• I was contacted to participate in this trial. Since I was already taking high dose biotin from a supplement supply company for about 6 months with no noticeable improvement I declined. The researchers tried to convince me that the biotin I was purchasing may not be pure. Sufficed to say I am not surprised with the results.

  • Are you implying that this outcome means the end of the road for treatment with Biotin?

    Wouldn’t it rather make sense to re-evaluate the trial endpoints, settle for less ambitious ones, and give it another try?

    The puzzling thing about Biotin ist that it had already received temporary authorization in France and thousands of patients in self-therapy were exchanging experiences in large Facebook communities over more than five years. So there actually has been an overwhelming set of data points amassed for this approach that – while clearly non-blinded – did consistently indicate the same clinical improvements for those 15-20% who responded to treatment.

    These improvements – such as more Energy and improved bladder function- typically did not imply a lower EDSS Score however would have warranted IMHO at least consideration as a therapeutic option for patients suffering from a progressive decline.

    Or is this simply now a question of business cases? Medday wanted to sell the high dose Biotin from their new NL facility and needed to charge astronomical prices for their pills to cover costs and generate profits. So they went for the moonshot of improved EDSS in order to justify a 20k p.a. treatment and failed. Now the VC funding is gone and they simply stop?

    Wouldn’t this then be a perfect case for some patient organization or public group to step in and carry this forward?

    • I suspect end of the Road and End of the Company…Remeber trials kill companies I mean drugs….you seldom get a second bite at a cherry…I can testify to this..That is why I bang on about trial design so much.

    • As you say there seems to have been government support (Stateaid) for this company…surely this is not normal.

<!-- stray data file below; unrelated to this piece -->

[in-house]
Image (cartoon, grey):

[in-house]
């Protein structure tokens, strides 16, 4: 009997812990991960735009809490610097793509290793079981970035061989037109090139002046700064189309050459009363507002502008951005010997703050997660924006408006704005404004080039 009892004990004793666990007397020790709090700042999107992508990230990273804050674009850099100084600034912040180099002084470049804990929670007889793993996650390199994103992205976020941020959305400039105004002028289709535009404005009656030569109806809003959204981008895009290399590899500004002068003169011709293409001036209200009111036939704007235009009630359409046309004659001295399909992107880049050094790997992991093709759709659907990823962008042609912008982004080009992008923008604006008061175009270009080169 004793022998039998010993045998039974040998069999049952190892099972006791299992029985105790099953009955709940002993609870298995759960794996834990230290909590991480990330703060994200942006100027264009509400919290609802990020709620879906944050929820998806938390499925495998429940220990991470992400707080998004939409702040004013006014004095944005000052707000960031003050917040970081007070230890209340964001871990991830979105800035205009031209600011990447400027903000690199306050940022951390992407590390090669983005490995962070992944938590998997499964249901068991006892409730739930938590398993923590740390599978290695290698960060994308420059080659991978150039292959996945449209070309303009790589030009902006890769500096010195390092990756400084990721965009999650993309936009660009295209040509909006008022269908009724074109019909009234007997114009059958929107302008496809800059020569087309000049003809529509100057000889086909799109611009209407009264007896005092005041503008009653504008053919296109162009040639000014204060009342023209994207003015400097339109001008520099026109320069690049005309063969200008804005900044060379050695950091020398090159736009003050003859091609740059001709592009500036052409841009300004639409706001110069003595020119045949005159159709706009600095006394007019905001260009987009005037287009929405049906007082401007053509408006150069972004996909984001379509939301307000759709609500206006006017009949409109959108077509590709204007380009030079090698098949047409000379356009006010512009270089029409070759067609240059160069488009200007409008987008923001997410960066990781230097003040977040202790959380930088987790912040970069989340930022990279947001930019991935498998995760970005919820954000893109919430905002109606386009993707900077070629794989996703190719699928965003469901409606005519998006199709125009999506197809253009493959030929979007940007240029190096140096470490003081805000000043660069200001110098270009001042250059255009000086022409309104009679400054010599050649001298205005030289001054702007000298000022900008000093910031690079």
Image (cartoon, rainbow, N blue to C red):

Anyway I heard a talk from the MEDDAY group and because the finding was discovered by accident there wsa never a clear rational for the the studies. They were thinking or neuroprotection studies and these are the trials they did. However, the effect was relatively immediate and so in my mind the agent was a symptom control agent or a remyelination agent as a neuroprotective agent was never going to have a rapid effect. Therefore, perhaps they shot them selves in the foot. The money men and women want a block buster a symptom control agent is a hard sell to get the big bucks and so commercially you get drawn into doing big buck trials…end resut failed approach and no more company and a massive loss to the French Taxpayer.

  • “I am a member of SPI2 trial steering committee”

    On the positive, at least your bank balance doesn’t disappoint! MS research is a business where failure is rewarded.

    • Is this really the time for such comments, “Bob”?
      In case you hadn’t noticed, there’s a bit of an emergency going on.

      • MD2,

        The emergency will pass. It’s a good time to announce bad news when the focus of the media is on something else. But work should continue. I can see 2020 being a nothing year for MS research – less conferences, less research published…. and the lack of progress can be blamed on Corona virus!

  • Presumably some participants in the trial were also on dmts – eg sub cutaneous Cladribine, ocrelizumab(?) – and some weren’t. Is there any analysis of data on responders and non responders amongst those on dmts/not on dmts? Just wondered whether possible to look for ‘add-on’ therapy benefit? (I realise MDs were always sceptical about the biology..!)